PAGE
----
These therapies help in speeding your recovery and rehabilitation from optic neuritis. On the downside, such medical treatments may also lead to varying side effects like weight gain, mood changes, insomnia, facial flushing, etc.

In addition to these, your doctor may prescribe immunosuppressants, low vision aid, and eye drops to help treat adult optic neuritis.

If you want to combat optic neuritis without having to face the side effects associated with the potential medications used to treat this, here are some excellent natural alternatives.

How To Treat Optic Neuritis Naturally

  1. Vitamins
  2. Essential Oils
  3. Soybean Milk
  4. Barley
  5. Epsom Salt
  6. Cold Compress
  7. Green Tea
  8. Yogurt
  9. Carrot And Spinach Juice

9 Natural Remedies To Treat Optic Neuritis

1. Vitamins

Vitamins for optic neuritis
Image: Shutterstock

Many vitamins have a positive effect on individuals with optic neuritis. Vitamins C, D, and B12 were found to be effective in treating cases of optic neuritis (2), (3), (4).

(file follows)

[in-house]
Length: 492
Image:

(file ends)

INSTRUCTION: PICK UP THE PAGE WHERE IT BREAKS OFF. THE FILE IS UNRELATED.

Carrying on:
To aid in restoring these varying deficiencies, you can consume foods rich in these nutrients like citrus fruits, green leafy vegetables, fresh fish, cheese, eggs, poultry, and dairy. You can also take additional supplements that provide these vitamins after having a word with your doctor or healthcare provider.

Back To TOC

2. Essential Oils

a. Lavender Oil

Lavender oil for optic neuritis
Image: Shutterstock
You Will Need
  • 6 drops of lavender oil
  • 1 teaspoon of coconut oil or other carrier oil
What You Have To Do
  1. Add six drops of lavender oil to a teaspoon of coconut oil or other carrier oil.
  2. Mix well and apply to your temples, chest, neck, and behind your ears.
  3. Leave the mixture on for a few minutes until it is completely absorbed.